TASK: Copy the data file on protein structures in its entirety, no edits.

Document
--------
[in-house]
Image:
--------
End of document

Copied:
[in-house]
Image: